The intake scoop 306 and the exhaust scoop 307 are oriented in opposite directions. The intake scoop 306 faces the front of the advancing vehicle and hence hydrogen 107 is rammed into the scoop and delivered to the fuel-cell stacks. The exhaust scoop 307 faces toward the rear of the advancing vehicle 100 and hence the relative motion of the vehicle 100 and hydrogen 107 tend to suck the hydrogen flowing through the stacks 312 into tube 106. The effects of ramming and sucking work together to distribute hydrogen through the fuel-cell system in a passive manner. The intake scoop 306 and the exhaust scoop 307 may be constructed out of suitable material for withstanding the high gas pressure of high speeds. The intake scoop 306 and the exhaust scoop 307 may be any shape capable of receiving and dispersing hydrogen 107 to and from the tube 106. In some embodiments, the intake 306 and the exhaust 307 may be shaped as open rectangular vents. For the combined ramming and sucking effects to work in each direction of vehicle 100 travel, the intake 306 and the exhaust 307 are designed to rotate by 180° when the vehicle 100 changes direction from forward to reverse.

A fan 308 assists the intake 306 in pulling hydrogen 107 from the tube 106. For example, when the vehicle 100 is not moving or is moving slowly, the intake 306 may not be able to passively breathe as much hydrogen 107 as is necessary to operate the fuel cells 312. In these instances, the fan 308 turns on and pulls hydrogen 107 through the intake 306 using suction or other means. The fan 308 is located in a duct system 310 that channels hydrogen from the intake 306 to the fuel-cell stack 312. The fan 308 may be an axial fan, a squirrel-cage fan, a pump, or the like. In some embodiments, the fan 308 may only operate when the vehicle 100 is traveling at low speeds or is stopped. In other embodiments, the fan 308 may operate at all vehicle 100 speeds, such that the hydrogen 107 intake flow through scoop 306 is maximized or otherwise controlled.

The duct system 310 transports gas 107 from the intake 306 to the fuel cells 312 and from the fuel cells 312 to the exhaust 307. The duct system 310 may involve piping, tubing, or any suitable conduit that transports the hydrogen 107 from outside the tube 106, to within the vehicle 100 and then directs the unused or excess hydrogen 107 back into the tube 106. However, the duct system 310 may be omitted, for instance, the intake 306 and exhaust 307 may directly connect to the fuel cells 312 and to the tube 106 environment, without the additional piping or tubing.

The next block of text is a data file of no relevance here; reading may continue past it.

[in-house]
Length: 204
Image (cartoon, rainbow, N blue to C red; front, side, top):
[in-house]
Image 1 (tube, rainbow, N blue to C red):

As discussed above with respect to the motor 304, the fuel-cell stack 312 supplies power to drive the motor 304. A fuel cell uses hydrogen and oxygen to generate electricity. The fuel cells in stack 312 receive hydrogen 107 from the tube 106 via the intake 306 and receive oxygen from an oxidant storage container 314 onboard the vehicle. In some embodiments the fuel cells 312 are an acid-electrolyte proton-exchange membrane type, wherein liquid oxygen provides oxygen (the oxidant) to the fuel cells and the fuel-cells' fuel, hydrogen (the reductant or reducer), is breathed from the tube 106. In these embodiments, hydrogen flows through the fuel-cell stacks, in the manner described above by the action of the scoops 306, 307, and oxygen is dead-ended. The fuel-cell stack 312 produces electricity when hydrogen at the anode gives up electrons to an external circuit plus positively charged hydrogen ions that move through an electrolyte (not illustrated) within the fuel cells of stack 312 and combine with the oxygen to produce water at the cathode. As the oxygen is dead-ended, water is produced at the cathode as a waste product of the electricity production of the fuel cells 312. This embodiment allows the water produced by the fuel-cell stack 312 to be stored onboard in a waste storage container 324, versus being exhausted into the tube 106. Excess hydrogen gas that is not used in the energy conversion process is expelled back into the tube 106 via the exhaust scoop 307. However, the fuel cells of stack 312 may be any fuel-cell type that uses hydrogen and oxygen as fuel sources. More generally, the fuel cells may use any gaseous fuel that provides the atmosphere within tube 106, for example, methane. Examples of fuel-cell types are alkaline fuel cells, phosphoric acid fuel cells, molten carbonate fuel cells, solid oxide fuel cells, and the like. There may be any number of fuel cells within stack 312. For instance, to increase the power of the vehicle, more fuel cells may be added to stack 312 or the size of the fuel-cell electrodes in stack 312 may be increased, depending on the power requirements of the vehicle 100.